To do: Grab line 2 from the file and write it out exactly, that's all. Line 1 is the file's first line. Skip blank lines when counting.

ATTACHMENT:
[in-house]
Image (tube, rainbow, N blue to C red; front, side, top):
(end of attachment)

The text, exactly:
Image (tube, rainbow, N blue to C red; front, side, top):